Hi, I just started learning more about class/objects. What is the purpose of using 'this' pointers and static members? How exactly do you use them?

These are some small examples:

class SomeClass
  {
  private:
    int num;
  public:
    void setNum(int num)
    { this->num = num; }
};

What is 'this->' doing to num?

class IntVal
	{ 
    public:
	    intVal(int val = 0)
	    { value = val; valCount++ } 
	    int getVal();
	    void setVal(int);
	  private:
	    int value;       
	    static int valCount;
   };
   //In-class declaration    
      static int valCount;
      //Other members not shown
   };
   //Definition outside of class
   int IntVal::valCount = 0;

What is the purpose of making it static and setting it to 0?

The this pointer is used to refer to the current object being utilized. For instance, if you have an overloaded assignment operator for a class, and you'd like to test whether or not an object is being assigned to itself, that operator is used to check.

Based on your code, intVal, the i should be uppercase if that is your constructor. Aside from that, the purpose of valCount is to count how many objects you create of type IntVal. Static variables are allocated once and exist for the entirety of your program, and retains its value after being used.

Also, static variables are initialized to 0, for basic types, by default.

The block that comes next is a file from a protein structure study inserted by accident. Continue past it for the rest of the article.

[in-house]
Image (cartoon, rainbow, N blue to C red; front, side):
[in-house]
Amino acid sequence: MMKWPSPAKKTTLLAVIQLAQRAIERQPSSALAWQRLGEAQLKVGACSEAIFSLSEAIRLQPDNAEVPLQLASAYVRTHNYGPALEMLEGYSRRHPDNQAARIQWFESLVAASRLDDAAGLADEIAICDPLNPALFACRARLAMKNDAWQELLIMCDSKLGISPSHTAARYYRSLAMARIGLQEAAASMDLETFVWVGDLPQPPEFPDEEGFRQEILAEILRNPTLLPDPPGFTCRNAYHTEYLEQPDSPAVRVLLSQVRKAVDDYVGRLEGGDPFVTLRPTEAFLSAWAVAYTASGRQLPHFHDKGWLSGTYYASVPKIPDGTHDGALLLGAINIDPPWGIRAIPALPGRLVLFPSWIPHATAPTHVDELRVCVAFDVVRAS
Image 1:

Edited 5 Years Ago by Chilton: n/a

Also, static variables are initialized to 0, for basic types, by default.

really? I thought you had to explicitly initialize them or else it would be a linkage error. So there is no default initialization.

Shouldn't you only need to explicitly initialize them when the value isn't going to be one?

Edited 5 Years Ago by Chilton: n/a

Static variables are allocated once and exist for the entirety of your program, and retains its value after being used.

Would you say its like a const value? Also I'm not really getting what the 'this' pointer is.

The reason that you are permitted to use the "this" pointer with a static data member, even though the pointer is ignored, is so that you can write a statement such as

p->v = 42;

without having to know whether v is static.

Otherwise, you would have to figure out the type of the object to which P points, and then write

P_type::v = 42;
This article has been dead for over six months. Start a new discussion instead.